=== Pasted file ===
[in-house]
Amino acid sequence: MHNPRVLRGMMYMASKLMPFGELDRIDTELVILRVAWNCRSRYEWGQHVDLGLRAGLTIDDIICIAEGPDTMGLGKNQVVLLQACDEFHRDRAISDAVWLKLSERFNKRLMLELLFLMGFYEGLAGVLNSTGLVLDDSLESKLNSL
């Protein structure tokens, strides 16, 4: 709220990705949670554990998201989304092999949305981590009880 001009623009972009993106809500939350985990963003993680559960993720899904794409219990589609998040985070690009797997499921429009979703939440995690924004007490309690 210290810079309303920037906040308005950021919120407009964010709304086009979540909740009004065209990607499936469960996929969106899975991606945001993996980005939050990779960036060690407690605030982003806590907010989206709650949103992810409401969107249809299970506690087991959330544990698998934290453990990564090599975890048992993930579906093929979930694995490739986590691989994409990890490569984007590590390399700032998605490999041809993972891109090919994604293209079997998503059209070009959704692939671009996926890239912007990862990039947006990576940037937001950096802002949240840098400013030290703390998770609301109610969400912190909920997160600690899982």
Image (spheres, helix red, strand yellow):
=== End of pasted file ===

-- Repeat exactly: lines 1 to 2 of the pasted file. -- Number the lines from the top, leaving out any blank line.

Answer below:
[in-house]
Amino acid sequence: MHNPRVLRGMMYMASKLMPFGELDRIDTELVILRVAWNCRSRYEWGQHVDLGLRAGLTIDDIICIAEGPDTMGLGKNQVVLLQACDEFHRDRAISDAVWLKLSERFNKRLMLELLFLMGFYEGLAGVLNSTGLVLDDSLESKLNSL